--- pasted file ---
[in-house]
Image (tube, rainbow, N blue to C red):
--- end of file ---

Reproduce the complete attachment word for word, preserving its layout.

[in-house]
Image (tube, rainbow, N blue to C red):